Houston-Based Developers Plan To Welcome Residents To The Agrihood
A new real estate development company focused on building neighborhoods for people “rather than cars, capital and corporations” is rolling out a master-planned development centered around community and urban farming in the Houston suburbs.
Houston-based Meristem Communities will debut Indigo, a 235-acre agrihood-style community in the Richmond area, in late 2023. Per the company website, the master-planned community integrates agriculture and residential development, with the goal of creating a close-knit, welcoming community that includes an onsite market, boutiques, cafes and easy access to State Highway 99 and the Grand Parkway.
Meristem plans to break ground in December, Houston Business Journal reported. David Weekley Homes, Empire Communities and Highland Homes are slated as the homebuilders.
About 42 acres of the project will be reserved for a farm with crop fields and pasture for livestock, alongside 750 single-family and multifamily homes, according to the article. Indigo will also feature parks, a 25-acre lake and at least 70K SF of mixed-used commercial development in a town center.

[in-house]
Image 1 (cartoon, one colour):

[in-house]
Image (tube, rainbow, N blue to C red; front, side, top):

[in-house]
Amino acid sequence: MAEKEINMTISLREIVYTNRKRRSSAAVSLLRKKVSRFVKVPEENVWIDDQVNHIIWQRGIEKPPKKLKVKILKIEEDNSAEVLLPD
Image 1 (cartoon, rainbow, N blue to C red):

The founders of Meristem Communities, Scott Snodgrass and Clayton Garrett, are calling the town center Indigo Commons, and they plan to place 85% of the houses within a quarter-mile of it, HBJ reported.
Garrett and Snodgrass are also partners for Agmenity, a company that offers consulting, design, installation and management services for agricultural amenities, according to its website. Agmenity’s portfolio includes work on Johnson Development Corp.’s Jordan Ranch in the Katy-Fulshear area and Harvest Green, a master-planned community also in the Richmond area.
Indigo will be Snodgrass and Garrett's first project with Meristem Communities, which they established in February 2021. They have owned the 235 acres between Richmond and Sugar Land in Fort Bend County since 2016, per HBJ, using some of the land for farming.
When they noticed master-planned communities springing up in the area, the pair was inspired to develop one based on their ideals.
“We don’t want to be type-casted as master-planned community developers,” Snodgrass told HBJ.
The goal is to have residents “really connect deeply with their neighbors and understand their neighborhood in a different way” than typically seen in a master planned community, Garrett told HBJ.
The term agrihood was popularized in 2014 by Southern California-based development company Rancho Mission Viejo LLC, which was among the first to embrace the urban farm community movement. The concept has gone national since, with the Urban Land Institute counting more than 150 of them nationwide earlier this year.